B2B vs B2C Marketing: 7 Differences & 3 Similarities

Is marketing for a biscuit brand different from marketing for healthcare equipment meant for professionals?

Yes, it is.

But you aren’t here for the rhetorical questions.

You are here for the actual answers.

So keep reading to find out how B2B vs B2C marketing are different, and how they are in some ways similar.

B2B vs B2C Marketing: 8 Key Differences

Marketing to a B2B audience is different than a B2C audience. The former targets professionals who are looking for solutions that will help them with their work. While the latter is about reaching out to individuals who want to satisfy their consumer needs.

As a result, there are differences in what makes a good marketing strategy or tactic for each case. Here are the key ones.

1. Decision making: group vs individual


In the B2B world, decisions are made for the common good of the business rather than the pleasure of the individual. A B2B environment often involves multiple people from different departments, such as marketing, IT, finance, and management. These professionals have various responsibilities and perspectives within the organization, and quite often, the actions of one of them also affect the others.

Therefore, when deciding on a purchase, it’s not just one person’s responsibility but a shared responsibility. It needs to be ensured that the purchase aligns with the company’s processes and objectives as a whole.



In B2C, decision-making is a much simpler process. Whether it’s choosing a smartphone, clothing, or a vacation destination, that decision is usually a matter of personal interest, rather than the unanimous outcome of any committee. The only ‘committee’ there is in a household is your significant other.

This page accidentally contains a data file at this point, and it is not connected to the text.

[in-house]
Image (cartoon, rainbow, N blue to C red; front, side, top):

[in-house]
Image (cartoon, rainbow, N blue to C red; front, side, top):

Therefore, most decisions are up to one or two people are most. As a result, B2C decisions are characterized by a shorter decision-making cycle.

2. Ethos: logic vs emotion


In B2B marketing, reason and logic take the front seat. Business decisions are usually based on quantifiable factors such as cost savings, ROI, and efficiency: “How much money will that ERP software save us?”. “What’s the ROI of outsourcing this marketing campaign?”. These are the kinds of questions business decision-makers need to answer before making a purchase.

B2B buyers aren’t only about what they like; they’re mostly about what makes the most financial sense for their business.


On the other hand, in B2C marketing, logic is usually asleep at the wheel. Purchases are centered around personal gratification and individual interest. That said, consumers do care about factors such as cost and time. However, the most important question that lingers in the mind of the average B2C decision is “Will this purchase make me feel good?”.

The emotional experience outshines the functional utility of a product or service, which is why in B2C, marketers make a big effort to create an emotional connection with their target audience.